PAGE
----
Capital One breach exposed bank data for most vulnerable customers

The Capital One hack is of the largest data breaches ever — and among those affected are some of the bank’s most financially vulnerable customers.

The bank and the US Department of Justice revealed Monday that a hacker was able to access private data for more than 100 million Capital One customers. Social Security numbers, credit card applications, home addresses, credit scores, credit limits and balances were exposed.

The trove of data also included 80,000 bank account numbers, all of them for secured credit card customers.

Such credit cards are typically held by consumers with low credit scores or no credit history at all. That means many of those 80,000 customers could have a hard time recovering from an identity theft if their exposed data is used for ill.

It’s not yet clear if anyone’s identity was stolen as a result of the Capital One breach. The company said the vulnerability that allowed the hack, which occurred in March, has been fixed and that it’s “unlikely that the information was used for fraud or disseminated.” Capital One said it’s still investigating.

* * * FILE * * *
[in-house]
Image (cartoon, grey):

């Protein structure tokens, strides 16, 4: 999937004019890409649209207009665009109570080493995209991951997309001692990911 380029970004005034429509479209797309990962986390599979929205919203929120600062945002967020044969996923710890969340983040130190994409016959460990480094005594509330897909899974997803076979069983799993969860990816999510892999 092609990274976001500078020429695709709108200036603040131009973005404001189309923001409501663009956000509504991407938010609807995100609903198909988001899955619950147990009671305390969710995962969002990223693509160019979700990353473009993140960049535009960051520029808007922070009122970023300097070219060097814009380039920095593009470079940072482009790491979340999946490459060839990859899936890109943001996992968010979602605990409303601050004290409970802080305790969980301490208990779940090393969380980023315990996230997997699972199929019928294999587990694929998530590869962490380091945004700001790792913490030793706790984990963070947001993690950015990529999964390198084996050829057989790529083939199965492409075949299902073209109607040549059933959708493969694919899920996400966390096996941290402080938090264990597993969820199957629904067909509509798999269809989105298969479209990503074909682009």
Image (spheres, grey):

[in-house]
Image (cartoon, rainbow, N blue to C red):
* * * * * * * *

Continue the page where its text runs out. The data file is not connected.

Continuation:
What this means for secured credit card customers

Secured credit cards are intended to help people build or rebuild credit: They’re offered to people with FICO scores in the mid-600s and below who likely have no other credit options. Banks require card holders to deposit cash equal to some or all of the card’s credit limit before they can start spending.

Many of the consumers who opt for a secured credit card are fresh off a personal crisis, such as a medical emergency, divorce or sudden unemployment that hammered their credit score, said Beverly Harzog, a credit card expert and analyst at